Climate change: what are world leaders waiting for?

The effects of climate change can already be seen in extreme weather events across the world, says Bianca Jagger. Here's how to make your contribution to the fight against it.

I am writing from the last day of the UN climate conference COP18 in Doha, Qatar, where heads of state, academics, the business community and civil society have gathered for the high level segment of the 18th UN Conference of Parties. Hopes are not high.

I have committed my life to defending human rights, social justice and the protection of the environment. I was born in Nicaragua, and spent my childhood and adolescence under the brutal and repressive dictatorship of the Somoza regime. I learned first-hand the meaning of oppression and social and economic injustice. I left Nicaragua armed with a scholarship to study political science in Paris.

I founded the Bianca Jagger Human Rights Foundation in 2006 to be a force for change, and a voice for the most vulnerable members of society. The BJHRF is dedicated to defending human rights, achieving social justice, protecting the rights of indigenous peoples, speaking up for future generations and addressing the threat of catastrophic climate change.

Today, we stand at the precipice of various global crises.

The effects of climate change can already be seen in extreme weather events across the world. In 2012 Hurricane Sandy, the typhoon in the Philippines, record flooding in Pakistan and China, torrential rains and flooding in El Salvador, Honduras and Nicaragua in 2011, heat waves in Russia in 2010 the UK in 2009 and 2012; Hurricane Katrina in 2005.

Last month was the 333rd consecutive month that global temperatures were above the 20th century average.

The atmospheric concentration of CO2 has risen by 31 per cemt since around 1750, when the industrial revolution began. It’s now at the highest levels in 420,000 years. I could go on and on. The science is clear. Climate change is accelerating.

I am concerned about the outcome of COP18. Unfortunately, there is a serious gap between what is being negotiated and what the science requires to keep temperatures under a 2 degree Celsius rise. According to the UNEP Emissions Gap Report even if the most ambitious current pledges from countries to cut emissions are honoured, the atmosphere will likely still contain eight gigatonnes of CO2 above safe levels.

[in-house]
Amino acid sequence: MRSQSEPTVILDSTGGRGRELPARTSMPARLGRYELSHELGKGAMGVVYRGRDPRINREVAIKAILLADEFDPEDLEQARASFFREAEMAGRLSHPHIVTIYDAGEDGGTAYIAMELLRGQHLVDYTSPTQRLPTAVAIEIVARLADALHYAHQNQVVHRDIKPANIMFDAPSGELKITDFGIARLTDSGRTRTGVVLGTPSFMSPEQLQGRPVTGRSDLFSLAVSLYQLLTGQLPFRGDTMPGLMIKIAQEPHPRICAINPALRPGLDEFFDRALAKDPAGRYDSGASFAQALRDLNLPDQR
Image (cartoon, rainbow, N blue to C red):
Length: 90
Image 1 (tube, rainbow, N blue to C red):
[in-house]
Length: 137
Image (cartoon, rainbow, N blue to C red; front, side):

"Turn Down the Heat: Why a 4° C Warmer World Must be Avoided,"a report commissioned by the World Bank from Potsdam Institute for Climate Impact Research and Climate Analytics, was released in November 2012. The groundbreaking report has changed the discourse among the negotiators and the media here at Cop18 in Doha. It delivers some alarming and long overdue facts, stating, "a 4°C world is so different from the current one that it comes with high uncertainty and new risks that threaten our ability to anticipate and plan for future adaptation needs… The 4°C scenarios are devastating…The inundation of coastal cities; increasing risks for food production potentially leading to higher malnutrition rates; many dry regions becoming dryer, wet regions wetter; unprecedented heat waves in many regions, especially in the tropics; substantially exacerbated water scarcity in many regions; increased frequency of high-intensity tropical cyclones; and irreversible loss of biodiversity, including coral reef systems…"

In 1896, Svante Arrhenius, a Swedish scientist, observed that if CO2 levels continued to rise global temperatures would also rise by around 4 degrees Celsius by the end of the 21st century.

Why has it taken us over a hundred years to come to the same conclusion?

We know that even a few degrees temperature rise will drastically change the habitability of the planet and bring about potentially catastrophic changes in water sources, forests, food, health, business… It will affect cities, rural areas, economies, food security and health; the physical shape of the land and coast, every aspect of our lives throughout the developing and the developed world. Climate change will affect everyone everywhere, in every nation and from every socio-economic group – but not in the same way. Climate change is an issue of social justice.

We are already experiencing dangerous climate change. The task now is to avoid catastrophic climate change.

Not all the news is bad, however. There are concrete steps we can take. One of them is Plant a Pledge.

Plant a Pledge

In May 2012, I was appointed Ambassador for the IUCN Plant a Pledge Campaign.

The aim of Plant a Pledge is to support the Bonn Challenge target, to restore 150 million hectares of degraded and deforested land by 2020. This is the largest restoration initiative the world has ever seen.